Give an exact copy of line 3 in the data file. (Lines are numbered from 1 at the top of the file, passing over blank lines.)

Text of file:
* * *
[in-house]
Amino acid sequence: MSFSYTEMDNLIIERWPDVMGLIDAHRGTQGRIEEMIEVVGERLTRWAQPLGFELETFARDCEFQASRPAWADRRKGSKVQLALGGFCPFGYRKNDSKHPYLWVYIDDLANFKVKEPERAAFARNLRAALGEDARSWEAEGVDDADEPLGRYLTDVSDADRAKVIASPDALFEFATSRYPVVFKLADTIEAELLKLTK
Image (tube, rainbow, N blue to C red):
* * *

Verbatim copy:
Image (tube, rainbow, N blue to C red):